While there is no direct record of the influence of New York and its intellectual ecosystem on his thought, there are certainly many suggestions that it was impacted by other struggles here, e.g. the efforts of Dubois to advocate for racial justice and equality. For example, in the 1940s, when Ambedkar learned of the efforts of Dubois to secure the rights of blacks via the UN Council, Ambedkar contacted Dubois and asked for copies of the letter submitted to the UN so that he could learn from it, noting the similarities between the challenges facing blacks in the US and those of the Untouchables in India. Dubois replied in a very supportive way and stressed that he had “every sympathy with the Untouchables of India” (quoted, with scans of the two letters in an article by Manan Desai published on the South Asian American Digital Archive SAADA website).
It is this sense of intersectionality and international, inter-social, inter-racial solidarity that makes Ambedkar’s thinking and legacy so formidable and so relevant to our continued social and scholarly challenges.
In this time of social distancing and isolation, there are many ways to immerse ourselves into Ambedkar’ s legacy, and take heed of his fortitude in bridging and abolishing difference, and in asserting the values of our shared humanity. Here is a list of several resources available through (mostly) remote access for interested readers. Happy Baba Saheb Ambedkar’s jayanti!:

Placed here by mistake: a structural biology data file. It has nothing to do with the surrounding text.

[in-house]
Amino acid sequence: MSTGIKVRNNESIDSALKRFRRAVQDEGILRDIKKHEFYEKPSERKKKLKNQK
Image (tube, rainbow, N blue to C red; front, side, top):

- Ambedkar Initiative at Columbia, Institute for Comparative Literature and Society
- Historical site created by Columbia Professor Emerita Frances W. Pritchett (contains a very interesting historical timeline for Ambedkar’s life and achievements)
- The Columbia University 250th Anniversary celebrates remarkable Columbians
- Columbia University Archives: Notable Columbians Columbia University Libraries
- Columbia Center for New Media Teaching and Learning (now the
Center for Teaching and Learning) contains an annotated version of the work at Annihilation of Caste website
- Several resources from the Internet Archive:
- includes an interesting podcast by the BBC (2017)
- an interesting short documentary by the India Ministry of Information, with interesting archival documents and photos (1981)
- Two interesting lectures by Arundhati Roy on Ambedkar and on Ambedkar and Gandhi:
- Related to intersectional feminism: Dalit Feminist Theory: a reader (access for CUL affiliates only)
- A recent edited collection that discusses Ambedkar in some essays is: Spaces and Places in Western India: Formations and Delineations, edited by Bina Sengar and Laurie Havell McMillin. See chapter 4, “Internet as an emancipatory space: case study of Dalits in Maharashtra” by Sharaddha Kumbhojkar, starting p. 77 which also discusses Ambedkarite influence on YouTube Maharashtra videos, etc. [see p. 80] (access for CUL affiliates only)
- A CLIO keyword search for Dalit Theology (access for CUL affiliates only)
- Ambedkar Center for Justice and Peace [multiple locations in India] (access for CUL affiliates only)
The Columbia University Archives and the Columbia University Libraries hold many resources related to Dr. Ambedkar and to the Dalit movement and Dalit literature. For any inquiries regarding relevant resources, please do not hesitate to contact us: Gary Hausman: South and Southeast Asian Librarian, Global Studies; Rare Book and Manuscript Library: RBML Archivists
Kaoukab Chebaro, Head of Global Studies, Columbia University Libraries, firstname.lastname@example.org